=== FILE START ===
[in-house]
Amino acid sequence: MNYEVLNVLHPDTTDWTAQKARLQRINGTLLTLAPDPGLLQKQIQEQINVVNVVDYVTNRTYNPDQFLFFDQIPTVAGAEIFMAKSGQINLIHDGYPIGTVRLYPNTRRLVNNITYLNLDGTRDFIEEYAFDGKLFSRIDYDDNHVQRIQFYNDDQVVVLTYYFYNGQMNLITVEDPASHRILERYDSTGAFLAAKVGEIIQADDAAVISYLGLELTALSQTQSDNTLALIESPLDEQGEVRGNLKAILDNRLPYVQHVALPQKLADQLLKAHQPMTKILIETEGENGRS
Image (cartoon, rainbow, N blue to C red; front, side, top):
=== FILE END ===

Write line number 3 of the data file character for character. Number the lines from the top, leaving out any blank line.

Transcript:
Image (cartoon, rainbow, N blue to C red; front, side, top):